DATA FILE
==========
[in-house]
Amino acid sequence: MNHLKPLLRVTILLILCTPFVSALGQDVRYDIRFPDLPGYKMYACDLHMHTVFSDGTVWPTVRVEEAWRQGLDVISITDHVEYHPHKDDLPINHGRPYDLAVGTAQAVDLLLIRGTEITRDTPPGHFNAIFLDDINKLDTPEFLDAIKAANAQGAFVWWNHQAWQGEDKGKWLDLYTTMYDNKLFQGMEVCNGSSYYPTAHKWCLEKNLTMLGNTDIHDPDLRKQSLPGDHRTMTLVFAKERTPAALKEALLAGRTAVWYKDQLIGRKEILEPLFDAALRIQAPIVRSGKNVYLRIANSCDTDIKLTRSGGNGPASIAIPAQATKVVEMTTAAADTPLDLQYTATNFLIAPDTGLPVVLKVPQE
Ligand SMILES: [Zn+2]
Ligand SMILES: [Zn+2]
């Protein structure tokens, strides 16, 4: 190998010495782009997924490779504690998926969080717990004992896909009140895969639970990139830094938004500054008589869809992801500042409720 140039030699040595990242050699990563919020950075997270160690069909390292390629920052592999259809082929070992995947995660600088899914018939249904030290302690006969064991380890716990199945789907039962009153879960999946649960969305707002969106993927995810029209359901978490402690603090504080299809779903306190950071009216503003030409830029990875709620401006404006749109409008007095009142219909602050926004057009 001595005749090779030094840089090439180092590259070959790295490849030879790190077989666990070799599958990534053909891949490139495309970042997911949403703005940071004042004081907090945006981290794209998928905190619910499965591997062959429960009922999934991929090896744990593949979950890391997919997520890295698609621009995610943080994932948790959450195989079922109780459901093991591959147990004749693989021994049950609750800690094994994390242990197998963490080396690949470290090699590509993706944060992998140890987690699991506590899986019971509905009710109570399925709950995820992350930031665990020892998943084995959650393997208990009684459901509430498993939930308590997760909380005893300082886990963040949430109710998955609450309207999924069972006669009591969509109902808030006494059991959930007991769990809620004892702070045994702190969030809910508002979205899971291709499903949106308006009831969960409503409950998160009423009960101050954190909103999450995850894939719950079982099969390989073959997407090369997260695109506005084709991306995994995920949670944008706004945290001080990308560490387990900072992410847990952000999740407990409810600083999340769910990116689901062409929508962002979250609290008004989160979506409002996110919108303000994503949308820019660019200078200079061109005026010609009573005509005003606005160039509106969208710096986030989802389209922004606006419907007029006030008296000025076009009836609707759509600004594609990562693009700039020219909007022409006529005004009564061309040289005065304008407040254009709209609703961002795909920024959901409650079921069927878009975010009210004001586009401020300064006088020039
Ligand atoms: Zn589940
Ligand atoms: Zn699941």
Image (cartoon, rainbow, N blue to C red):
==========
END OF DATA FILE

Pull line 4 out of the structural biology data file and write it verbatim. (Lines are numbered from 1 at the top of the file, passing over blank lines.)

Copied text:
Ligand SMILES: [Zn+2]